99 Genealogy Things

99-Genealogy-Things-thumbnaVariations of this meme have been floating around for awhile.  This version came from Valerie Elkins at Family Cherished.  You know, this would be a good basis for a bucket list.  Just saying.


Things you have already done or found – bold type

Things you would like to do or find – italics

Things you have not done or found /don’t care to – (or that I know hasn’t happened in my family).

99 Genealogy Things

  1. Belong to a genealogical society (four, well, three genie and one historical)
  2. Joined a group on Genealogy Wise.
  3. Transcribed records.
  4. Uploaded headstone pictures to Find-A-Grave or a similar site
  5. Documented ancestors for four generations (self, parents, grandparents, great-grandparents)
  6. Joined Facebook.
  7. Cleaned up a run-down cemetery. (The Hemphill-McEntire cemetery so needs work.)
  8. Joined the Genea-Bloggers Group.
  9. Attended a genealogy conference.
  10. Lectured at a genealogy conference. Thinking about it.
  11. Spoke on a genealogy topic at a local genealogy society/local library’s family history group.  Again, thinking about it.
  12. Joined the National Genealogical Society.
  13. Contributed to a genealogy society publication.  Not yet, but I will.
  14. Served on the board or as an officer of a genealogy society. Not on my list at this time.
  15. Got lost on the way to a cemetery.
  16. Talked to dead ancestors.
  17. Researched outside the state in which I live.
  18. Knocked on the door of an ancestral home and visited with the current occupants. Not an ancestral home, per se, but the home of a  deceased cousin.
  19. Cold called a distant relative.
  20. Posted messages on a surname message board.
  21. Uploaded a gedcom file to the internet.
  22. Googled my name (and those of ancestors – it turns up great info sometimes)
  23. Performed a random act of genealogical kindness.
  24. Researched a non-related family, just for the fun of it. Not yet, but I have an offer out to someone.
  25. Have been paid to do genealogical research.
  26. Earn a living (majority of income) from genealogical research. I’m ambivalent about both 25 and 26 at this time.  
  27. Wrote a letter (or email) to a previously unknown relative.  Again with the ambivalence.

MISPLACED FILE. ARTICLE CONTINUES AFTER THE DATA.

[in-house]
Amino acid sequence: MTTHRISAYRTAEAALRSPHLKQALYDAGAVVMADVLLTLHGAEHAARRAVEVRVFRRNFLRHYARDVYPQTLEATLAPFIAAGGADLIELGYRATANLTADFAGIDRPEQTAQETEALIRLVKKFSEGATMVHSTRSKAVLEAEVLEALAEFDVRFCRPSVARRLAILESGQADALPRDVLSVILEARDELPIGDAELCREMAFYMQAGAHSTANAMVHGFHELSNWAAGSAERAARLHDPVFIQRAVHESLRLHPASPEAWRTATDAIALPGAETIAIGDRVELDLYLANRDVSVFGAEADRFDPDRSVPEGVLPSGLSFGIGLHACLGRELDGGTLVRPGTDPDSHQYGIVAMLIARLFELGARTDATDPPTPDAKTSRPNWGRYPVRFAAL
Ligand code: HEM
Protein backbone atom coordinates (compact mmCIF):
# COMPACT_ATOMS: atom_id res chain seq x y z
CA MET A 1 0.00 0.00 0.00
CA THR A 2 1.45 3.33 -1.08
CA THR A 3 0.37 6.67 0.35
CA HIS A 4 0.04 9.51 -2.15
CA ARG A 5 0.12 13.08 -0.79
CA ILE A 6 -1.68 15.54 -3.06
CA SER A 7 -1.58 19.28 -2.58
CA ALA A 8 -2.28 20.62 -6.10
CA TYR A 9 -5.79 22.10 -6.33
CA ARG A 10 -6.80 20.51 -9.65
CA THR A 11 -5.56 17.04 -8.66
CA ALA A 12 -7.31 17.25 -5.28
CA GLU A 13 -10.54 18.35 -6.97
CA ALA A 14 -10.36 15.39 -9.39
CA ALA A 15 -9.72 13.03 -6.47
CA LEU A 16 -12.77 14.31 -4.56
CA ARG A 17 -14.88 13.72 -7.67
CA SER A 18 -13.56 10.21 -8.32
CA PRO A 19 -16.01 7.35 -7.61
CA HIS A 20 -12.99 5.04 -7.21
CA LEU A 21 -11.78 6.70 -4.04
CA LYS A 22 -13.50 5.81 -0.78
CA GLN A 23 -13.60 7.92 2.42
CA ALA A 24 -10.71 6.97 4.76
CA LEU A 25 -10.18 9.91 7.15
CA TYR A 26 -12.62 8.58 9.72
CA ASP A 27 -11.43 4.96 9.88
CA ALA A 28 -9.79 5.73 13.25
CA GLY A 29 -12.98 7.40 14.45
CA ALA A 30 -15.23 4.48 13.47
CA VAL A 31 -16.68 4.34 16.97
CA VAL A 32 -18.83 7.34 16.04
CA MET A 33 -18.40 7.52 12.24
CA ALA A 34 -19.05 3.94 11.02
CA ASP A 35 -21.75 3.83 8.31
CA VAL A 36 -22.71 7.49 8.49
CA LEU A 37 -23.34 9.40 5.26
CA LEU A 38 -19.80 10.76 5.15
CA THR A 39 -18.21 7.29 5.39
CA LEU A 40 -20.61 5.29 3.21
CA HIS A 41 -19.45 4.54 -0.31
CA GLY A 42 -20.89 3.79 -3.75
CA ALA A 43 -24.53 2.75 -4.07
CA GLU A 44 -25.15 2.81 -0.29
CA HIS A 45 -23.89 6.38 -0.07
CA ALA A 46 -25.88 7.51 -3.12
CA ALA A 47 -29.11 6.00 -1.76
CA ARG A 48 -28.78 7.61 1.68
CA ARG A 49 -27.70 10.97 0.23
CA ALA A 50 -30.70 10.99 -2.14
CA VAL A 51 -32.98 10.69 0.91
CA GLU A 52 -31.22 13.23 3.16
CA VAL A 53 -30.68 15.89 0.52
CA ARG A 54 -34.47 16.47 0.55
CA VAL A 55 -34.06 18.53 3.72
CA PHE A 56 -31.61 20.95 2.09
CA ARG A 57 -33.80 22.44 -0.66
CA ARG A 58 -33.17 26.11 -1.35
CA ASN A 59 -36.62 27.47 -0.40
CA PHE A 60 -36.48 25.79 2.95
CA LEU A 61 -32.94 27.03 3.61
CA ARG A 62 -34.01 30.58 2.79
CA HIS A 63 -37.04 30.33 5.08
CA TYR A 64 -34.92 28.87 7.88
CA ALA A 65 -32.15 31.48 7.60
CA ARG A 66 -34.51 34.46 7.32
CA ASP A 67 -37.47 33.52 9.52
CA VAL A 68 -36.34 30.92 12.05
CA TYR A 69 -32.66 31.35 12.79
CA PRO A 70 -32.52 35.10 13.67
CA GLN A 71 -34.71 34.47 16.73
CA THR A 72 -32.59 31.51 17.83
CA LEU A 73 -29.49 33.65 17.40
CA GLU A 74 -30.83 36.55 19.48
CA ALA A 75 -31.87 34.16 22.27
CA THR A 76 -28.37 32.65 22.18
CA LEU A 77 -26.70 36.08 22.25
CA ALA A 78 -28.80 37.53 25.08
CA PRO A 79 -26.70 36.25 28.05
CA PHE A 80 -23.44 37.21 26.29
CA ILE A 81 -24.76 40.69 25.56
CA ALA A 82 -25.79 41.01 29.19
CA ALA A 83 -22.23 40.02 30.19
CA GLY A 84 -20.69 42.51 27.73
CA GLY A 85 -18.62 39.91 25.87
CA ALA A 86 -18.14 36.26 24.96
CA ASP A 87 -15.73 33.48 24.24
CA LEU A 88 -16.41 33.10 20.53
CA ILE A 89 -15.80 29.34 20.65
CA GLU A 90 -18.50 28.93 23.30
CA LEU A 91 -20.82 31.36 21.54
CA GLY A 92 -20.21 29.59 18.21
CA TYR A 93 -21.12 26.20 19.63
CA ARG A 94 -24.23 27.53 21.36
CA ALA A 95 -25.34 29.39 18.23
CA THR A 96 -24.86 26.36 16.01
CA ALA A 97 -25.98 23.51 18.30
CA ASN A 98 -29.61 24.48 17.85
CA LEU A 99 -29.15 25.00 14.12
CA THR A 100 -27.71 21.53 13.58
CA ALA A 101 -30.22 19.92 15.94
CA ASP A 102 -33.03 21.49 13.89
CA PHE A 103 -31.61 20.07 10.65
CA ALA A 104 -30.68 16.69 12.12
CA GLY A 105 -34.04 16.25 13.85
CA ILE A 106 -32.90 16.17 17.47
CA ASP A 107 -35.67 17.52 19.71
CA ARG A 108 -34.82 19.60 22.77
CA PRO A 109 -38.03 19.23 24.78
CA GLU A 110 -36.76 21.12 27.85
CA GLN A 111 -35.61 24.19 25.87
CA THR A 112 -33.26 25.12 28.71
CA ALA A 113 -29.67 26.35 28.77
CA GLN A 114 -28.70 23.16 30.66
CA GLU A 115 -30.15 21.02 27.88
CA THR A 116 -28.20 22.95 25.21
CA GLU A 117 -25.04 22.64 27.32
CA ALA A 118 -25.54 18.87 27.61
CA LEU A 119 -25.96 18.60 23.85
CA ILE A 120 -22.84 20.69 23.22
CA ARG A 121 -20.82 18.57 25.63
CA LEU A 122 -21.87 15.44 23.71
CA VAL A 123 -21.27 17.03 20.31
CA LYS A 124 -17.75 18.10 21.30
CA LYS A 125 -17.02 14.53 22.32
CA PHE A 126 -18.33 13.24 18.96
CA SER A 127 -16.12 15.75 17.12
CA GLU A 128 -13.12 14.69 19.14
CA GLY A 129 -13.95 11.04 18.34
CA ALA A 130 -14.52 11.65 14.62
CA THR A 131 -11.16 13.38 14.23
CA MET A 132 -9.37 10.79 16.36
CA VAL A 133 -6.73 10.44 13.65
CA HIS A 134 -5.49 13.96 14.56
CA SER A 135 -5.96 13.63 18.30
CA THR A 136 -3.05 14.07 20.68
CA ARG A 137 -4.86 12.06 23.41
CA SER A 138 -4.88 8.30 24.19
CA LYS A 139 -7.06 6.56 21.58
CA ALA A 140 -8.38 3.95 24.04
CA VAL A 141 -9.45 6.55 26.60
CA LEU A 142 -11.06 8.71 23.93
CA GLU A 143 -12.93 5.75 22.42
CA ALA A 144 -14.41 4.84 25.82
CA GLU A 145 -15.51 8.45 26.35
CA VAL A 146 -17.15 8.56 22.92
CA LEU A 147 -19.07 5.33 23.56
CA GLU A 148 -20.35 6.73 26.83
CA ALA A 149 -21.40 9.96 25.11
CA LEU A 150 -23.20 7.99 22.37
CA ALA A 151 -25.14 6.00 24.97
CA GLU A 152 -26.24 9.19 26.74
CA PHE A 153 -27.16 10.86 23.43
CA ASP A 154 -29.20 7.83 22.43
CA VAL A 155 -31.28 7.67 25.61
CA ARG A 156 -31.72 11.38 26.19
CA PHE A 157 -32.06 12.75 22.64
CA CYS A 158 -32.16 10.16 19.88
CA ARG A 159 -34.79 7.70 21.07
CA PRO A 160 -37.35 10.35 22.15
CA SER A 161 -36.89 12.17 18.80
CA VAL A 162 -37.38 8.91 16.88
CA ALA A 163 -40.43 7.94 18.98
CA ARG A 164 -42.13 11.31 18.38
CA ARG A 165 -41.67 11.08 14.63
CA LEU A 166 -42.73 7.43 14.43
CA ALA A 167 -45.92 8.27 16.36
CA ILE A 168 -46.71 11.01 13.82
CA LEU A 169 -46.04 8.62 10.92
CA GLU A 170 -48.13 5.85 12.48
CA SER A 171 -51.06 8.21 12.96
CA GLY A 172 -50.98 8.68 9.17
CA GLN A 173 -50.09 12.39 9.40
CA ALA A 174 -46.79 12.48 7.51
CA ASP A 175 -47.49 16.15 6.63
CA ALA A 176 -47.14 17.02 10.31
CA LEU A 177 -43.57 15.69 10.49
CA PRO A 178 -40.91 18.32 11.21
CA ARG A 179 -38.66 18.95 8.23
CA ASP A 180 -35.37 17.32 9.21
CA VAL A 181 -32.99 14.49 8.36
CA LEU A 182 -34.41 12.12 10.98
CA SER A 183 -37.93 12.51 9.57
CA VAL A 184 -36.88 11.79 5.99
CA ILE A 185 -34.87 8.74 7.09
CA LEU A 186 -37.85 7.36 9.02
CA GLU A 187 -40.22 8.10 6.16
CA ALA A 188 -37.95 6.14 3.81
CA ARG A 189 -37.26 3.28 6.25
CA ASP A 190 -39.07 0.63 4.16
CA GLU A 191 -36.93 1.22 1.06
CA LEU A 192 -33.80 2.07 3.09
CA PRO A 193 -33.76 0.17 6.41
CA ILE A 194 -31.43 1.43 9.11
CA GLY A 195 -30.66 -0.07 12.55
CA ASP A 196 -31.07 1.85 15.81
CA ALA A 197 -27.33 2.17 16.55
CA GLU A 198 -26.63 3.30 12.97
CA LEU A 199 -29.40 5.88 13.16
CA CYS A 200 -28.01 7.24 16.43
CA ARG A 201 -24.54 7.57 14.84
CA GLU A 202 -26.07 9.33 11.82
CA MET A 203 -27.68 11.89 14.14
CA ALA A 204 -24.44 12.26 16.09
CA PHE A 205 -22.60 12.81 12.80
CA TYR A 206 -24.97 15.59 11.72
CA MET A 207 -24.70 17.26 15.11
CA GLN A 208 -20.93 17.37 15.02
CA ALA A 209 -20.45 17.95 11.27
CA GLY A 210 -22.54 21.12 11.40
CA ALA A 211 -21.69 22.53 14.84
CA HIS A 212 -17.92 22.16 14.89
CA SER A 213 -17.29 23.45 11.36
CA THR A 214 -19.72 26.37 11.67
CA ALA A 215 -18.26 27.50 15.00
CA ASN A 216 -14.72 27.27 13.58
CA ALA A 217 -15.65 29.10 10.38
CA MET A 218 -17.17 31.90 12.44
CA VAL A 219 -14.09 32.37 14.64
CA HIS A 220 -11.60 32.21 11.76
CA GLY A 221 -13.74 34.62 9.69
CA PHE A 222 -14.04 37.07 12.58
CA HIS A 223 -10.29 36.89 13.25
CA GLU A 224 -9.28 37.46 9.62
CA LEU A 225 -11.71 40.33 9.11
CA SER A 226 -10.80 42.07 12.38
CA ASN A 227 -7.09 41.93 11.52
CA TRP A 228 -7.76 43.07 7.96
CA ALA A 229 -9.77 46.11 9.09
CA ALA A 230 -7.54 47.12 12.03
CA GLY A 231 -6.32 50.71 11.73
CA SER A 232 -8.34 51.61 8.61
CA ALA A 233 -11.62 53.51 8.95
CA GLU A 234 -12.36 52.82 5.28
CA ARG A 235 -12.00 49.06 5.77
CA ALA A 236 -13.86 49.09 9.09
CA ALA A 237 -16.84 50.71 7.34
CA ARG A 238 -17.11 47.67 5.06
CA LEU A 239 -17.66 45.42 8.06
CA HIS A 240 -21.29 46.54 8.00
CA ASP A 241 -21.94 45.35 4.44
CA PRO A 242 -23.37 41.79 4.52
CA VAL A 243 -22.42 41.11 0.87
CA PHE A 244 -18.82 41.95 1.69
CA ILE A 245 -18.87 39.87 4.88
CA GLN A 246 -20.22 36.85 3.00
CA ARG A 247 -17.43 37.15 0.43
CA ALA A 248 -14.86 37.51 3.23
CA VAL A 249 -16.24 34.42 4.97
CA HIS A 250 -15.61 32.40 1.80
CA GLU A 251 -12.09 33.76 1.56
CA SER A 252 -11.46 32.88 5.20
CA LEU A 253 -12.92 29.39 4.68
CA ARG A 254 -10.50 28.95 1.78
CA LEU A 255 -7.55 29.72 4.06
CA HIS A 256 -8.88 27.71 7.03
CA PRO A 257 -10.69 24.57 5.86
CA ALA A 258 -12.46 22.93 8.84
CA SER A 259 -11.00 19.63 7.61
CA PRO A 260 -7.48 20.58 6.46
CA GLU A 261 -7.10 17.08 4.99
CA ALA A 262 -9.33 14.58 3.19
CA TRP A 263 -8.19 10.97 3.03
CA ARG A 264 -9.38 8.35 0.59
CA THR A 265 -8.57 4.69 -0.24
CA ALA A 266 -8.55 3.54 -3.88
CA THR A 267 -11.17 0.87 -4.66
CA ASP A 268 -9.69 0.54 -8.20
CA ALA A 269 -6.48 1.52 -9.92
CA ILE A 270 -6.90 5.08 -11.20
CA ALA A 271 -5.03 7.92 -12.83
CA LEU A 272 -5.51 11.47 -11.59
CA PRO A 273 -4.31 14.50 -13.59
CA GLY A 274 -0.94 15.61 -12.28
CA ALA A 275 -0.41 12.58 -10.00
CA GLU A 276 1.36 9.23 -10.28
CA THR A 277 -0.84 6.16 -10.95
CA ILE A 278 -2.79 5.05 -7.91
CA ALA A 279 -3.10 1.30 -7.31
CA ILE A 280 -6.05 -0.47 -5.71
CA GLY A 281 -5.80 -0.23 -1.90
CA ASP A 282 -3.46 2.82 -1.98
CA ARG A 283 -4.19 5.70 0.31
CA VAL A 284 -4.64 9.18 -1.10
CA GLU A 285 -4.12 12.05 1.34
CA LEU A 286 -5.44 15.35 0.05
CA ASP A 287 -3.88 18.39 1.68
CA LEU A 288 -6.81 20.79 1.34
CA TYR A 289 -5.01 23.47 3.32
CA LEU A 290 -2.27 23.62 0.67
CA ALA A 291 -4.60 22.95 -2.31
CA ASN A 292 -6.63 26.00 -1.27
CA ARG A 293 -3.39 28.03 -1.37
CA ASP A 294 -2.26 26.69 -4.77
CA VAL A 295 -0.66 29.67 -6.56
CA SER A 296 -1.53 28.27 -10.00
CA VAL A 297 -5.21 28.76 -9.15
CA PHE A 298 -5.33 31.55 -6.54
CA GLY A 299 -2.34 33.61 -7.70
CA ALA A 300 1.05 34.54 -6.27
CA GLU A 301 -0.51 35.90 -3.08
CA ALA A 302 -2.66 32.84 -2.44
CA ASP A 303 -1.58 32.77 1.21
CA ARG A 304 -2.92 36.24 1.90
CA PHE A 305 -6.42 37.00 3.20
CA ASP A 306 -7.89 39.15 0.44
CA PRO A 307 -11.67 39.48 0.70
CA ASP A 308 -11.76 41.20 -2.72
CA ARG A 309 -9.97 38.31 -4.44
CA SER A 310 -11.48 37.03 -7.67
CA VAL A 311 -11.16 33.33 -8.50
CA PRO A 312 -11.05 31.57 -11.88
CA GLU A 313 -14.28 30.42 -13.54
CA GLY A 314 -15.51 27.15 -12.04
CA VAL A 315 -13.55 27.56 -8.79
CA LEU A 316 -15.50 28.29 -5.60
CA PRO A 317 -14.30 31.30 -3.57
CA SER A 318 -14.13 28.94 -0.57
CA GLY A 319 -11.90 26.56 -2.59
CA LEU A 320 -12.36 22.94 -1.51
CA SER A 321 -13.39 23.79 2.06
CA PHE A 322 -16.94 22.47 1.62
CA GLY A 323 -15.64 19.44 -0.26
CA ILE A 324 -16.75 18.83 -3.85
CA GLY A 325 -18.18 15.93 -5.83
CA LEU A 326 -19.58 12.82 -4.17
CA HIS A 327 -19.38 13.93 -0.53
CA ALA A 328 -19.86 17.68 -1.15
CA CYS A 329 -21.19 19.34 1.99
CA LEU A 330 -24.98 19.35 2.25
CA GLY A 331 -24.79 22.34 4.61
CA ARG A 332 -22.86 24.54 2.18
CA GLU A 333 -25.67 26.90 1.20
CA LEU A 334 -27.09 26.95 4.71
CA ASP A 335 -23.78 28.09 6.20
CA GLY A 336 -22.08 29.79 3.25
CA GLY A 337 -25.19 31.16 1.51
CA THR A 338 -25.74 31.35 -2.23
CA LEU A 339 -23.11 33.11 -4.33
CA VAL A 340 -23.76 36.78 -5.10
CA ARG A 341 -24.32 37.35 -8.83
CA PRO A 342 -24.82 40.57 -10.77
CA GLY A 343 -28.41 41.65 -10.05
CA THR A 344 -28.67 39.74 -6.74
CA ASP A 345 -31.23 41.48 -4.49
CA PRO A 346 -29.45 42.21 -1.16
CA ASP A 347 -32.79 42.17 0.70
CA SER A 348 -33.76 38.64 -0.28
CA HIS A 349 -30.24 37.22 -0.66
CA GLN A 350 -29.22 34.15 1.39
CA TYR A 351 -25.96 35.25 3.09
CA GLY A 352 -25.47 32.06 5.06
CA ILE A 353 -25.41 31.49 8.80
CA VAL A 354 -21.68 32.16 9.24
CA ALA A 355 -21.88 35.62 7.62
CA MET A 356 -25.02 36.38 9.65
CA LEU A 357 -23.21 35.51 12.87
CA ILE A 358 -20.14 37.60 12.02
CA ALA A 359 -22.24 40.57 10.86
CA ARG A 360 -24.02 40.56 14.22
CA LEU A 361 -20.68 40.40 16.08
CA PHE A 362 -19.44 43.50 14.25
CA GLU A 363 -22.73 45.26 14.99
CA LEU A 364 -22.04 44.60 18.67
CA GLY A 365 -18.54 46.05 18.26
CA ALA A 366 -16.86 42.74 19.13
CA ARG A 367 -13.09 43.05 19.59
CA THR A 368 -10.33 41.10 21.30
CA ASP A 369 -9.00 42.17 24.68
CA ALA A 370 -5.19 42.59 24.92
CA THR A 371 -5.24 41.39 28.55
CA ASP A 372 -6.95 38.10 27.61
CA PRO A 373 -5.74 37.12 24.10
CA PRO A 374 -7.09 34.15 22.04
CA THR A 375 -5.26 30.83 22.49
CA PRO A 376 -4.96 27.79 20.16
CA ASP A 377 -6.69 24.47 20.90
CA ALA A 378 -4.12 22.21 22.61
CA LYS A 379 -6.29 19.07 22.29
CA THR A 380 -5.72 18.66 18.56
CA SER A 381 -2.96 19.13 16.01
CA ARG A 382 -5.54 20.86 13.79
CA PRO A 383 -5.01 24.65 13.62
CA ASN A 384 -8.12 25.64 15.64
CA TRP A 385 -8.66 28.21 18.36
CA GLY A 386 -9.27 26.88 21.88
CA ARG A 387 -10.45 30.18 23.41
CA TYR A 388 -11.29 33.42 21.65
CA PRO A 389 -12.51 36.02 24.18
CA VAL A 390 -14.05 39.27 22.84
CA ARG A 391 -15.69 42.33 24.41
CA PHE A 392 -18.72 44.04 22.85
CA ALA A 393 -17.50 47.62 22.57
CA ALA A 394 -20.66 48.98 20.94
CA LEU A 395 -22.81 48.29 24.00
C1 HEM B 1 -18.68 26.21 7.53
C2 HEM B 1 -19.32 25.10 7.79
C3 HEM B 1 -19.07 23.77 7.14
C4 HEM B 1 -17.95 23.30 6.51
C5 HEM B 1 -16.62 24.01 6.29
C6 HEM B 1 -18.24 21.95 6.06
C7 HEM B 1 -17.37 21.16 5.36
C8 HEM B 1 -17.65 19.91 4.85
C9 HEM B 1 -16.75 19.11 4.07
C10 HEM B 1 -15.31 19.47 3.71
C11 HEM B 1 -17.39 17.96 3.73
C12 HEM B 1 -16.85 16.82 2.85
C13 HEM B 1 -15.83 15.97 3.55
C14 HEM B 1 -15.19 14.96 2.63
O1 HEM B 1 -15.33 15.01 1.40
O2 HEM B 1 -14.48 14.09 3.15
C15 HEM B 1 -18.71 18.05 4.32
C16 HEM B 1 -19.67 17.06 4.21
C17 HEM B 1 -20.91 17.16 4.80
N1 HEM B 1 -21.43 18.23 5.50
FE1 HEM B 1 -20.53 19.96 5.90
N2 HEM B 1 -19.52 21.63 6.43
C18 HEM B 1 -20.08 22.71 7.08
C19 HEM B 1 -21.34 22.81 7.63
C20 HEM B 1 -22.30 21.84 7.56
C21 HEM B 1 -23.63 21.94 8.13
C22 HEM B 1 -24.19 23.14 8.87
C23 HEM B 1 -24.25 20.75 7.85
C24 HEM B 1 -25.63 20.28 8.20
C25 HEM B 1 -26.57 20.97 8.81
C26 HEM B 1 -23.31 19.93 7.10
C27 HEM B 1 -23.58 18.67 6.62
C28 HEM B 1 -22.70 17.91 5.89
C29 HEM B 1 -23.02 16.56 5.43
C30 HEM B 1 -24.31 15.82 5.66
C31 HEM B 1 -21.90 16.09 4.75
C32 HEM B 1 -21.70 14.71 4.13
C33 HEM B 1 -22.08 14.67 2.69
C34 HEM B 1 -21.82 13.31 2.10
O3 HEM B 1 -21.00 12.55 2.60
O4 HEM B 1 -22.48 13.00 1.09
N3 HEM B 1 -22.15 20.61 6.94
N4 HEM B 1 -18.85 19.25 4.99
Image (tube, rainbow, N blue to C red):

28. Contributed to one of the genealogy carnivals.
  29. Responded to messages on a message board.
  30. Was injured while on a genealogy excursion. I can’t say I want to be, but really, it’s just inevitable.
  31. Participated in a genealogy meme.
  32. Created family history gift items.  I have some things in mind. . .
  33. Performed a record lookup.
  34. Took a genealogy seminar cruise. I think we need to organize a geneablogger group cruise.
  35. Am convinced that a relative must have arrived here from outer space. – Hello, Barbara (Baxter) Kendrick?
  36. Found a disturbing family secret.
  37. Told others about a disturbing family secret (but not all of the secrets).  Umm, not yet.
  38. Combined genealogy with crafts (family picture quilt, scrapbooking).
  39. Think genealogy is a passion and/or obsession not a hobby.
  40. Assisted finding next of kin for a deceased person.
  41. Taught someone else how to find their roots.
  42. Lost valuable genealogy data due to a computer crash or hard drive failure. I’m a little OCD about my backups.
  43. Been overwhelmed by available genealogy technology.
  44. Know a cousin of the 4th degree or higher.  I live in small town where my family has been for almost 200 years.  Pretty much everybody is a cousin of some degree.
  45. Disproved a family myth through research. Just give me time. : )
  46. Got a family member to let you copy photos.
  47. Used a digital camera to “copy” photos or records.
  48. Translated a record from a foreign language. There are German records in my future.
  49. Found an immigrant ancestor’s passenger arrival record.
  50. Looked at census records on microfilm, not on the computer.  Oh yeah.  This is why I appreciate digitized census records so very much!